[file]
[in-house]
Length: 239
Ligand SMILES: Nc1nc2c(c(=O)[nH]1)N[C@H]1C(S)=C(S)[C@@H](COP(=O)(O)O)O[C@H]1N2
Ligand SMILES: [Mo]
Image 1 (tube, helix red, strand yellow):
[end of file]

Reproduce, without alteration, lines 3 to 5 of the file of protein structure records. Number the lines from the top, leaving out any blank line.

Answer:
Ligand SMILES: Nc1nc2c(c(=O)[nH]1)N[C@H]1C(S)=C(S)[C@@H](COP(=O)(O)O)O[C@H]1N2
Ligand SMILES: [Mo]
Image 1 (tube, helix red, strand yellow):